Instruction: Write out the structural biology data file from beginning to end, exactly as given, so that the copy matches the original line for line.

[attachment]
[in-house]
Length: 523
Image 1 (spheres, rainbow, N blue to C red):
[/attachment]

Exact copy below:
[in-house]
Length: 523
Image 1 (spheres, rainbow, N blue to C red):